Ecstasy, also known by its chemical abbreviation MDMA, is an illicit drug that is commonly taken at nightclubs and dance parties. Ecstasy’s street names include: “Molly” (U.S.), “Mandy” (U.K.), “E,” and “X.” Although not limited to nightlife scenes, ecstasy is popular at dance parties, as it tends to enhance the party experience (e.g., perceptions of lights and music, nightlife socialization). To continue reading please click here.

Alcohol Abuse Across Generations: Moms Can't Hold A Candle — Or Tequila Sunrise — To Daughters' Drinking Habits

Today’s youth is smothered by marketing messages every day, whether it’s through Facebook, on the subway, or on TV. Music is rife with lyrics glorifying alcohol and parties — drinking Patron and Cristal, for example. Meanwhile, new alcoholic drinks are being branded and covered in labels that appeal to the college and pre-college crowd. These are just some of the reasons why alcohol consumption is on the rise among our youth, particularly young women, a new Australian study finds. To continue reading please click here.

Dangerous Drugs in Need of a Smart Fix

Paramedics wheel a listless teen on a stretcher through the doors of a busy emergency room where doctors and nurses are already assembled, gloved hands outstretched in an all-too common ritual to perform another miracle of resuscitation. The tragedy repeats itself on most nights across America as people turn to the dangerous world of synthetic drugs in search of new elixirs. Not long ago, the realm of synthetic "designer drugs" was dominated by well-known staples such as PCP, LSD, and ecstasy (MDMA). Now the market is crowded with candy-sounding labels -- K2, Spice, Bliss, Bombay Blue -- that mimic the effects of illicit narcotics like opium, cannabis and MDMA. Hazardous to your health? You bet. Illegal? Not necessarily. To continue reading please click here.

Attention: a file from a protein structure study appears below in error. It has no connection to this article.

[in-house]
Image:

Monday, June 23, 2014

Weekly ATOD Recap & Advocacy for week-ending June 20, 2014

Increased demand will follow increased access to addiction services
In Ohio—one of the most populated states in the country—the prevalence of opioid addiction and abuse might be turning a corner, according to Orman Hall, director of the Ohio governor’s  Opiate Action Team, who spoke at the groundbreaking for the Gelbman House in Youngstown, Ohio yesterday. As more individuals gain access to healthcare coverage through Affordable Care Act provisions, they are more likely to seek treatment for their substance abuse issues. “We’re seeing significant demand, especially around the issue of opiate and heroin addiction,” Hall says. “The Affordable Care Act is really important, but the other piece is Medicaid expansion.” Ohio joins 25 other states that have expanded Medicaid to include new populations that typically have not been eligible for Medicaid before, such as adults who do not have children. To continue reading, please click here.